sqlite3 *contactDB; //Declare a pointer to sqlite database structure

Opening or Creating a Database

Once declared, a database file may be opened using the sqlite3_open() function. If the specified database file does not already exist it is first created before being opened. The syntax for this function is as follows:

int sqlite3_open(const char *filename, sqlite3 **database);

In the above syntax, filename is the path to the database file in the form of a UTF-8 character string and database is the reference to the database structure. The result of the operation is returned as an int. Various definitions for result values are defined in the include file such as SQLITE_OK for a successful operation.

For example, the code to open a database file named contacts.db in the Documents directory of an iPad application might read as follows. Note that the code assumes an NSString variable named databasePath contains the path to the database file:

sqlite3 *contactDB; //Declare a pointer to sqlite database structure

const char *dbpath = [databasePath UTF8String]; // Convert NSString to UTF-8
if (sqlite3_open(dbpath, &contactDB) == SQLITE_OK)
	//Database opened successfully
} else {
	//Failed to open database

The key point to note in the above example is that the string contained in the NSString object was converted to a UTF-8 string before being passed to the function to open the database. This is a common activity that you will see performed frequently when working with SQLite in Objective-C.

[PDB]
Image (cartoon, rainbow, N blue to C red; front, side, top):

Preparing and Executing a SQL Statement

SQL statements are prepared and stored in a structure of type sqlite3_stmt using the sqlite3_prepare_v2() function. For example:

sqlite3_stmt *statement;

NSString *querySQL = @"SELECT address, phone FROM contacts”;

const char *query_stmt = [querySQL UTF8String];

if (sqlite3_prepare_v2(contactDB, query_stmt, -1, 
       &statement, NULL) == SQLITE_OK)
	//Statement prepared successfully
} else {
	//Statement preparation failed

A prepared SQL statement may subsequently be executed using a call to the sqlite3_step() function, passing through the sqlite3_stmt variable as the sole argument:


Note that the sqlite3_step() function also returns a result value. The value returned, however, will depend on the nature of the statement being executed. For example, a successful insertion of data into a database table will return a SQLITE_OK result, whilst the successful retrieval of data will return SQLITE_ROW.

Alternatively, the same results may be achieved with a single call to the sqlite3_exec() function as illustrated in the following section.

Creating a Database Table

Database data is organized into tables. Before data can be stored into a database, therefore, a table must first be created. This is achieved using the SQL CREATE TABLE statement. The following code example illustrates the creation of a table named contacts, the preparation and execution of which is performed using the sqlite3_exec() function: